Hardpoints

Alright, so getting around between systems on the Fer-de-Lance is a lot harder than you’d expect from a luxury liner. The main draw in the design isn’t interstellar travel, though – it’s the firepower. The FdL features four C2 hardpoints along its pointed snout. Two are located in the classic ‘nose’ position – about a quarter down the length of the hull, sitting fairly close to one another. The second set sit slightly behind the first, lower down along the side of the hull – right below the front of the bridge. In practice, the guns are well-positioned – it’s perhaps a little difficult to get both ‘side’ guns on a  Sidewinder-sized target, if you use all fixed guns, but the positioning and arc of the weapons does favor gimbaled weapons as well. The middle pair, meanwhile, run fixed guns very, very well – it’d be easy to run fixed nose guns and gimbaled side mounts for a nasty, accurate punch, and four C2 guns HURT when positioned right.

Besides the four C2 hardpoints, the Fer-de-Lance comes equipped with a single ventral C4 hardpoint.

Pictured: Single ventral hardpoint. Note the position of the cargo scoop at the very back of the ship.

That’s not a typo. C4. Huge, the kind of a weapon you until now would only see on an Anaconda. A gun that is, for a ship this size, hilariously, obscenely, ridiculously powerful – and oversized. Even retracted, the hardpoint is visible as a distinct protruding ovoid hatch on the ship’s underbelly; once deployed, well, yes, it is indeed very happy to see you. The hardpoint sits pretty much smack dab at the middle of the belly, behind the front landing gear and a long embarkation ramp; for the few gimbaled options available for C4 weapons (cannons, for the most part), the gun will have trouble tracking targets above the ship’s waterline. Fixed weapons like the C4 plasma accelerator, of course, won’t care. Either way, the final aimpoint for the weapon is slightly below the arc of the four C2 mounts, but not enough to make aiming impossible – it takes a bit of getting used to, but actually hitting your target with a C4 cannon or plasma accelerator will certainly make them feel it.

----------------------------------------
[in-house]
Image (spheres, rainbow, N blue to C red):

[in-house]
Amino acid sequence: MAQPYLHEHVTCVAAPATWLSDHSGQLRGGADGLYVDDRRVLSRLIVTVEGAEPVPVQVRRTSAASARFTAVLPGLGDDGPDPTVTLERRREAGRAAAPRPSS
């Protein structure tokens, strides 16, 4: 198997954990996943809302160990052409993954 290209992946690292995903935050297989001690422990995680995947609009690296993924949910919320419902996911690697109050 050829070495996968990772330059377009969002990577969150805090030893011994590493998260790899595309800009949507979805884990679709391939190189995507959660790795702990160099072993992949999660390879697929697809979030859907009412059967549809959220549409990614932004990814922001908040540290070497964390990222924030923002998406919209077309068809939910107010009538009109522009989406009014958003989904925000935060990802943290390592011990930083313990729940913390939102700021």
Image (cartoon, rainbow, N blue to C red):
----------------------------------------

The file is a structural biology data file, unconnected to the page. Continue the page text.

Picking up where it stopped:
Besides the downright obscene firepower for a ship its size, the Fer-de-Lance comes with an impressive complement of six utility mounts. Two of these sit in little circular depressions on the top of the ship, behind and to the sides of the bridge; the other four sit on the belly of the ship, forming a neat semicircle around the back of the c4 gun mount. With the hull’s flat underside, the four belly mounts will have trouble targeting anything above the wings, but have a complete hemisphere for a fire arc under the ship; meanwhile, the two topside utility mounts sit pretty much directly on the top of the hull’s arc and have a near-total coverage above the ship. Put together, the six mounts give you near-complete PD coverage – most angles will be covered by at least two guns – and give you all sorts of options for interesting secondary equipment.

That’s one ookin’ big gun. Note the distinctive off-axis positioning of the pilots’ seats on the bridge module.

Fitting

The first order of business for a new FdL owner is upgrading the frameshift drive – no exceptions. You’ll preferably want at least a 4B one to get your optimal mass rating above the ship’s actual mass – a C4B FSD module will fetch about half a million credits at most dealers, so thankfully it’s not too big of a project. A 4A will be more expensive, naturally, at about 1.6M CR. This’ll extend your jump range to a reasonable, if far from record-breaking, 12 or so LY.

Thankfully, the power generator is perfectly capable of handling an upgraded frameshift drive – the C5 generator puts out a respectable 13.6 MW of power by default, and can be upgraded to go as far as 20.4 MW. Paired with an impressive C6 power distributor unit, the ship has plenty of power and a juicy enough distributor to send it all where it needs to go – although kitting particularly heat-intensive weapons like beam lasers and railguns is still capable of overtaxing the cooling systems, especially if you went with the C4 plasma accelerator. As usual, upgrading the distributor should be one of your first priorities for a combat pilot. The hefty power generator is also very much capable of supporting a more powerful shield generator – if you can afford it, switching the default C4 shield generator for a C5 will considerably increase your survivability (at the price of making it more difficult to fit particularly  power-hungry weapons).

Internals-wise, the FdL has an ‘alright’ compliment of internal compartments – it doesn’t really impress, but neither are there any glaring flaws. Five internal bays (ranging from C5 to C1, two of them C4) give you enough space to fit some interesting equipment on while retaining some useful cargo space – the ‘Lance will never be a top-end trading ship, but you can fit it to transfer some cargo or interesting scoopables every now and then. Alternatively, those same internal spaces can be put to work by adding hull reinforcement packages and shield cell banks for a truly durable space yacht.